To round off the week of Edward Hopper, a trip to his studio on Washington Square North. It was here, when he wasn't on Cape Cod, that Hopper painted from 1939 until his death in 1965.
all color photos: my flickr
In her Hopper biography, Gail Levin reports how NYU tried to evict the Hoppers in 1947, along with all the building tenants, raising the rents by 20% and refusing to renew any leases. Hopper told the press, "It's getting worse and worse. They're tearing studio buildings down and none are going up. We think it is inhuman and cruel to evict us from here. The University is supposed to be an educational institution, in sympathy with the arts. Is this the way to show it?"
His wife accused NYU, with its real-estate hunger, of "Hitler-like aggression."
The Hoppers managed to stay on as holdouts, becoming the only remaining tenants in an otherwise empty and desolate building, though NYU continued to harass them.
Berenice Abbot photographed Hopper here in 1948, during the eviction tension and the artist's resulting anxiety and depression.
A writer from the Met Museum recounted the story of the photo: "When Abbott arrived at Hopper's studio on Washington Square North, she was intending to use some of his paintings as a background. Instead, Hopper's wife suggested that she pose him in front of the bare, worn walls of the studio itself. In the resulting image, Hopper is an austere, angular figure. At the left stands a potbellied stove in front of a fireplace; at the right, the spokes of Hopper's etching press, which he also used as a makeshift hat rack, intrude into the composition."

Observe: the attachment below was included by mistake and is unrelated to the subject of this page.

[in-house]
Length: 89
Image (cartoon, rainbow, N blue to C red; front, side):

Remarkably, the Hopper studio was preserved when NYU turned the building into their renovated school of social work.
At the time, historians were nervous. From the New York Times: "Universities have a reputation for being devious," said Ian Anderson, a Manhattan lawyer and preservationist. "What I want to know is how the studios will be preserved when I was told the building is being totally gutted."
Today, the studio (and its skylight) is now a point of pride for NYU.
They probably don't want you to know this, but you don't have to wait for an official tour from Open House NY or some other organization to get in to see the studio. If you're lucky, and a bit affable, you can charm your way past the guard. If you are neither lucky nor affable, just pretend you're going to visit someone on the fourth floor of the social work school.
There is no lock on the studio door and no guard to guard it.
Some ladies sit at desks by the threshold, doing mundane things like answering telephones and typing letters. It seems ridiculous that they should be here, in this sacred place, where Hopper worked, and where he died--until you think: Hopper enjoyed seeing women at their desks and he most likely would have painted them.
The artist's easel is still here. The one, I assume, that held Nighthawks and so many others. If you look closely, though the easel's wood has been scrubbed clean, you can still see a drop of paint here and there. And when the afternoon is right, the wooden floor glows with a buttery Hopper light.